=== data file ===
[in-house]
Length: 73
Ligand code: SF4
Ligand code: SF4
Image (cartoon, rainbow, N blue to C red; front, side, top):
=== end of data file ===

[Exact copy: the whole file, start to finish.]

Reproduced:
[in-house]
Length: 73
Ligand code: SF4
Ligand code: SF4
Image (cartoon, rainbow, N blue to C red; front, side, top):